« Last Edit: 08:19, 27 October 18 by AMSDOS »
* Using some of the hardly used Amstrad compilers :D
* I use Firmware in my Assembly code :P
* Have interpreted some BASIC 1.1 programs for BASIC 1.0. :)

Offline AMSDOS

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Re: My Absurd Demos from the 90s
« Reply #1 on: 12:08, 27 October 18 »
Had a bit of a read up on the Spriting Back Utility from the AA106 Covertape Page, it appears Simon Forrester was going to write a followup article about it, though it appears it never eventuated. It's been setup though for someone new to Sprites and looking to add Sprites into a simple program. The Coordinate system is setup to be quite broad though, it's not a true Text Coordinate system, although in a sense it's setup as a grid 80 squares across (equivalent to MODE 2), 50 squares down, which would make that every 8 pixel lines, which when running in conjunction with my earlier Demos is the reason why the Sprites Move quickly across the screen.
* Using some of the hardly used Amstrad compilers :D
* I use Firmware in my Assembly code :P
* Have interpreted some BASIC 1.1 programs for BASIC 1.0. :)

Offline Gryzor

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Re: My Absurd Demos from the 90s
« Reply #2 on: 16:34, 01 November 18 »
Thanks for sharing :)

Offline AMSDOS

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Re: My Absurd Demos from the 90s
« Reply #3 on: 11:42, 08 December 18 »
Something's been bugging me about my Cliff Man! Demo unfortunately which I compiled using Hisoft Pascal, CLIFFMAN.BIN
This demo was posted on CPC-Power, but in one of the screenshots bits of my Character were missing, so I played around with CTRC settings in Winape and CPCBox and found different CTRCs settings were having an impact of the result as well as my Sound Routine. Everything seems to work as it should when Type 0 CTRC is used, but Type 1 & 2 seem to be running the demo faster as well as showing the top portion of my Sprite while it's on the Top Platform, when in Freefall, the Sound commences but doesn't cease when the Sprite reaches the Bottom Platform (that's what occurred while I was playing around with it in Wiinape). Ok, perhaps I shouldn't be poking around with CTRC settings and I should only have it on 0 for emulating 464, though I'm mighty confused since I've setup Winape to emulate a 464, I'm unsure what I'm meant to have for it (CTRC wise), though I got the impression it depends on when that 464 was built, which leaves me concerned that my demo may look good on some real computers, but crap on others. I'm also confused because after reading the CTRC guide, it details stuff which I'm not even using, so like why for example is sound performing correctly for one CTRC, but wrong on others when all I've made is a simple Firmware Sound Queue which waits until the no carry (nc) is true?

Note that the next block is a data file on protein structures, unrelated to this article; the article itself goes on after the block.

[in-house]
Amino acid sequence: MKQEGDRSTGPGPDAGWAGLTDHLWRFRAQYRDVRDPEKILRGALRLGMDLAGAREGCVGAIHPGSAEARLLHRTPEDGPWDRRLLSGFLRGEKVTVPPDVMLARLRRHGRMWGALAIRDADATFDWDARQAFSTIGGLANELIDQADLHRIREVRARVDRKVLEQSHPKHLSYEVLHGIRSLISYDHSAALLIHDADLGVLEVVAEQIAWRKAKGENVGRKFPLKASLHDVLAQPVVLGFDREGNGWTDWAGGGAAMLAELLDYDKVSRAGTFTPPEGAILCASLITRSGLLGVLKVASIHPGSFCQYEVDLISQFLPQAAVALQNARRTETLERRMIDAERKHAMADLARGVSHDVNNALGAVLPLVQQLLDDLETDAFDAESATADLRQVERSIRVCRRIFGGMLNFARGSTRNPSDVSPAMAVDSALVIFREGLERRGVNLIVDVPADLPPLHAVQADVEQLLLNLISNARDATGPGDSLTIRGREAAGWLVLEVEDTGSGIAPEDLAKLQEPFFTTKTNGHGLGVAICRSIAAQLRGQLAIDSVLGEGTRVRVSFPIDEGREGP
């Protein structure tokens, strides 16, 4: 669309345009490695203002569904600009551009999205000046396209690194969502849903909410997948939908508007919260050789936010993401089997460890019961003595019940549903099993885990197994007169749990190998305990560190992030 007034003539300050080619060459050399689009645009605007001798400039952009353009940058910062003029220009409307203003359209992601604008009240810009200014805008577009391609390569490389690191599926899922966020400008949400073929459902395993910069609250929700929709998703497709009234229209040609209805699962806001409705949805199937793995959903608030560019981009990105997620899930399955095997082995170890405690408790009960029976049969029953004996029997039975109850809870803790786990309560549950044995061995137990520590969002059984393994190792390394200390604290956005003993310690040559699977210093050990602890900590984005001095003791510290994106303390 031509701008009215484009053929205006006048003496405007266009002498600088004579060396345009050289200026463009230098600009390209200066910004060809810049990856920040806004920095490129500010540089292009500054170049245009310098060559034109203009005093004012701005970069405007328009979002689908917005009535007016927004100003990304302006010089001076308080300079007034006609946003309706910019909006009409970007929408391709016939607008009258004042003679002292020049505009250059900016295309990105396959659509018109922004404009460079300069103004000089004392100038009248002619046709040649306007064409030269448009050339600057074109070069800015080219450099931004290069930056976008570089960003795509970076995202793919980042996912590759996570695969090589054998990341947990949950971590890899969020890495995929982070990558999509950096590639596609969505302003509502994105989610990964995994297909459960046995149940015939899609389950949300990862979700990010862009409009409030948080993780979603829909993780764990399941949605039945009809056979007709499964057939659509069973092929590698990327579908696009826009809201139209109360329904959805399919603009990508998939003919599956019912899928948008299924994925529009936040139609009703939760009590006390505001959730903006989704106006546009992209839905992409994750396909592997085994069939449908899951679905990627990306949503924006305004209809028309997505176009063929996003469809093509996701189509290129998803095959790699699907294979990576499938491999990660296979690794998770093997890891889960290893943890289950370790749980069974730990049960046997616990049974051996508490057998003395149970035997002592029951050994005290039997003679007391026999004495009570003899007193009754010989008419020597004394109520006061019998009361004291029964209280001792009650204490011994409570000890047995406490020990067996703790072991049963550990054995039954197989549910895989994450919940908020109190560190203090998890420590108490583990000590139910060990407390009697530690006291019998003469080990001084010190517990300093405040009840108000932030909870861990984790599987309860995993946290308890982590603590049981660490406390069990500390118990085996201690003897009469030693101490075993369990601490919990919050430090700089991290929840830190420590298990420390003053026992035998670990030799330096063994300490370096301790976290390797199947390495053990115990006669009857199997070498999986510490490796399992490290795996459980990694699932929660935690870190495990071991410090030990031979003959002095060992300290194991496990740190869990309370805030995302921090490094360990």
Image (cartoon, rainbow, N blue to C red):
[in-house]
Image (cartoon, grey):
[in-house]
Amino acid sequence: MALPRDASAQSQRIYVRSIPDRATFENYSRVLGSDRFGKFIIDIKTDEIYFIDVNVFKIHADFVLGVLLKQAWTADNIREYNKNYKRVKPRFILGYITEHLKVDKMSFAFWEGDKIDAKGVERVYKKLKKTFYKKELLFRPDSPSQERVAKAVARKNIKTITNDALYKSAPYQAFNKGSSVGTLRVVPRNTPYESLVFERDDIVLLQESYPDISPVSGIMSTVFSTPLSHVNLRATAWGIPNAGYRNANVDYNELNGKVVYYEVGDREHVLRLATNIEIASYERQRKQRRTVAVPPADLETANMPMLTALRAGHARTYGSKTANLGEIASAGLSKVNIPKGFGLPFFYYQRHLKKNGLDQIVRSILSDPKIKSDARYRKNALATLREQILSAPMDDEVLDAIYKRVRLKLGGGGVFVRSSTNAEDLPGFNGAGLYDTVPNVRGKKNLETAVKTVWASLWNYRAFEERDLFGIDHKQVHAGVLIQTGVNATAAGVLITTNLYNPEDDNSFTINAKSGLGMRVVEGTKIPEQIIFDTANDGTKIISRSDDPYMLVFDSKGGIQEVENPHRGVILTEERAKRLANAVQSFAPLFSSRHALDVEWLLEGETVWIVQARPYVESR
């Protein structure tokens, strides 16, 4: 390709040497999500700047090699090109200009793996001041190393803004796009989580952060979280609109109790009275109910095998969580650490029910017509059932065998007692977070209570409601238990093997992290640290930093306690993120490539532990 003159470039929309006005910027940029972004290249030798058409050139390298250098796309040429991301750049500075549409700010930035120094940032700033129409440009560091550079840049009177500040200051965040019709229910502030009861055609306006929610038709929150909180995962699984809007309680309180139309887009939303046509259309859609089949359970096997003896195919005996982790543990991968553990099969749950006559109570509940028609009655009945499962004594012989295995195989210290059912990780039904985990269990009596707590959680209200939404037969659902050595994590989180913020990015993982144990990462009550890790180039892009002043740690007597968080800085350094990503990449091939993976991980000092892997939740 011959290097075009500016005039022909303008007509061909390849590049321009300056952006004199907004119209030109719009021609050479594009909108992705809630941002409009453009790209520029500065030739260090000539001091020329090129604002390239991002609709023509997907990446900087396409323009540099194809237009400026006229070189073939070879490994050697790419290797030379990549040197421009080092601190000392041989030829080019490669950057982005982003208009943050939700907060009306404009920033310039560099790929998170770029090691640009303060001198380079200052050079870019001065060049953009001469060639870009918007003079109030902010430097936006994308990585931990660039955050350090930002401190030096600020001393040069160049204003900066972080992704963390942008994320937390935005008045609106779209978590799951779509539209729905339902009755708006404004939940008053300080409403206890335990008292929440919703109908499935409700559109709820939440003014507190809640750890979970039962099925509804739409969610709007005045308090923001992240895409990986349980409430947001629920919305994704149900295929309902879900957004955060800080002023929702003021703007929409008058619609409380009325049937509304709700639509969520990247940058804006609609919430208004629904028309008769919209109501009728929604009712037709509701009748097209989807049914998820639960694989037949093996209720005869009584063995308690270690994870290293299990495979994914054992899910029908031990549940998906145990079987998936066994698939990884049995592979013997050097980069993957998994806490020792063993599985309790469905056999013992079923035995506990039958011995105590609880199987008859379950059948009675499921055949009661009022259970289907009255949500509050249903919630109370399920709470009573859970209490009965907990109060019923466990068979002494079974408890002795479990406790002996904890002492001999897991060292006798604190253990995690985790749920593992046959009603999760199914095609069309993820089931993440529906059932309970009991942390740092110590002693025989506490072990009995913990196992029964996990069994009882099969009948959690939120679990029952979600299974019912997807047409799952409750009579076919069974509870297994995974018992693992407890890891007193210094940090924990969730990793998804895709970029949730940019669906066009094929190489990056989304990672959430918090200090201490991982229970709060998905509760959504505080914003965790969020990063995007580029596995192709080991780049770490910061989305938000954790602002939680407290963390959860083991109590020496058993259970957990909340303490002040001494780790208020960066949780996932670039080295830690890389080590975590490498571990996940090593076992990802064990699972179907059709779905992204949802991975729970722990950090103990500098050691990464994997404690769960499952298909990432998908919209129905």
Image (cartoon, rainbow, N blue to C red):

* Using some of the hardly used Amstrad compilers :D
* I use Firmware in my Assembly code :P
* Have interpreted some BASIC 1.1 programs for BASIC 1.0. :)

Offline mr_lou

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Re: My Absurd Demos from the 90s
« Reply #4 on: 15:22, 08 December 18 »
Not sure how I missed this thread first time around.

Looks very nice! Great material for an 8-bit Memoirs story.  ;)

Offline andycadley

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Re: My Absurd Demos from the 90s
« Reply #5 on: 15:27, 08 December 18 »

CRTC differences seem unlikely to make any noticeable difference in anything like this, it's almost always when you're pushing the limits when it actually matters. It's possible if you're trying to read various CRTC registers that you'll get different results, but again that seems unlikely as there would be little reason to do so.

Offline AMSDOS

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Re: My Absurd Demos from the 90s
« Reply #6 on: 04:58, 09 December 18 »


Not sure how I missed this thread first time around.


Looks very nice! Great material for an 8-bit Memoirs story.


Sadly I don't advertise my materials very well and after presenting these Demos I move onto something else to code.
What got me concerned was after I noticed a Screenshot on CPC-Power of "The Cliff Man!" demo with bits of the Main Character missing (mainly the bottom half). I played around with it on CPCBox as well as Winape and the output looks great when CRTC 0 is using it, but terrible is it's anything else.

CRTC differences seem unlikely to make any noticeable difference in anything like this, it's almost always when you're pushing the limits when it actually matters. It's possible if you're trying to read various CRTC registers that you'll get different results, but again that seems unlikely as there would be little reason to do so.